Cohen’s relationship with Suzanne Elrod during most of the Seventies resulted in two children, the photographer Lorca Cohen and Adam Cohen, who leads the group Low Millions. Cohen was well known for his wandering ways, and his most stable relationships were with backing singers Laura Branigan, Sharon Robinson, Anjani Thomas, and, most notably, Jennifer Warnes, who he wrote with and produced (Warnes frequently performed Cohen’s music). After indulging in a variety of international styles on Recent Songs (1979), Cohen accorded Warnes full co-vocal credit on 1984’s Various Positions.
Various Positions included “Hallelujah,” a meditation on love, sex and music that would become Cohen’s best-known composition thanks to Jeff Buckley’s incandescent 1994 reinterpretation. Its greatness wasn’t recognized by Cohen’s label, however. By way of informing him that Columbia Records would not be releasing Various Positions, label head Walter Yetnikoff reportedly told Cohen, “Look, Leonard; we know you’re great, but we don’t know if you’re any good.” Cohen returned to the label in 1988 with I’m Your Man, an album of sly humor and social commentary that launched the synths-and-gravitas style he continued on The Future (1992).
In 1995, Cohen halted his career, entered the Mt. Baldy Zen Center outside of Los Angeles, became an ordained Buddhist monk and took on the Dharma name Jikan (“silence”). His duties included cooking for Kyozan Joshu Sasaki Roshi, the priest and longtime Cohen mentor who died in 2014 at the age of 104. Cohen broke his musical silence in 2001 with Ten New Songs, a collaboration with Sharon Robinson, and Dear Heather (2004), a relatively uplifting project with current girlfriend Anjani Thomas. While never abandoning Judaism, the Sabbath-observing songwriter attributed Buddhism to curbing the depressive episodes that had always plagued him.
Leonard Cohen, the hugely influential singer and songwriter whose work spanned five decades, died at the age of 82. Gijsbert Hanekroot/Redferns/Getty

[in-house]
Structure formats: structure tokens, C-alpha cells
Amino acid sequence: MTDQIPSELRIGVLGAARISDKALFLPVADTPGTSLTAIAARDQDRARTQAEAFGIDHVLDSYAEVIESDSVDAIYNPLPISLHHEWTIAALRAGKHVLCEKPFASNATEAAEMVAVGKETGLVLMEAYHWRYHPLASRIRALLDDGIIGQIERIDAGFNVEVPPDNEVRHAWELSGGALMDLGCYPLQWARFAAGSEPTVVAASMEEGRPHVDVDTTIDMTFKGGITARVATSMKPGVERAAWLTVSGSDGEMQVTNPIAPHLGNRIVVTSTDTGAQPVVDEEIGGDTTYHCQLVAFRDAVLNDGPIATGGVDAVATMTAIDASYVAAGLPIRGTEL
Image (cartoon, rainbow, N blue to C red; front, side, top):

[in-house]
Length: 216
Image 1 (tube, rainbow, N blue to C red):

The final act of Cohen’s career began in 2005, when Lorca Cohen began to suspect her father’s longtime manager, Kelley Lynch, of embezzling funds from his retirement account. In fact, Lynch had robbed Cohen of more than $5 million. To replenish the fund, Cohen undertook an epic world tour during which he would perform 387 shows from 2008 to 2013. He continued to record as well, releasing Old Ideas (2012) and Popular Problems, which hit U.S. shops a day after his eightieth birthday. “[Y]ou depend on a certain resilience that is not yours to command, but which is present,” he told Rolling Stone upon its release. “And if you can sense this resilience or sense this capacity to continue, it means a lot more at this age than it did when I was 30, when I took it for granted.”
When the Grand Tour ended in December 2013, Cohen largely vanished from the public eye. In October 2016, he released You Want It Darker, produced by his son Adam. Severe back issues made it difficult for Cohen to leave his home, so Adam placed a microphone on his dining room table and recorded him on a laptop. The album was met with rave reviews, though a New Yorker article timed to its release revealed that he was in very poor health. “I am ready to die,” he said. “I hope it’s not too uncomfortable. That’s about it for me.”
The singer-songwriter later clarified that he was “exaggerating.” “I’ve always been into self-dramatization,” Cohen said last month. “I intend to live forever.”
The Washington Post
In the early 80s, Leonard Cohen sat on the floor of a New York hotel room, wearing only his underwear, and remembered “banging my head on the floor and saying, ‘I can’t finish this song.’”
He had been working on it for years.
Cohen, who died Thursday at 82 years old, was many things: poet, writer and monk among them. But he spent most of his career as a musician, one of the most influential songwriters of the past six decades.
During that career, he wrote many gorgeous songs, which he sang in his smooth, smoky basso. But, as every obit written about the man (including The Washington Post’s) has led with, he attained fame with a singular accomplishment: the song he was attempting to write in that hotel room, the song for which he wrote more than 80 verses before trimming down to five, the song whose third line reads, ironically, “You don’t really care for music, do you?”
The song is “Hallelujah,” which appeared on his 1985 record “Various Positions.”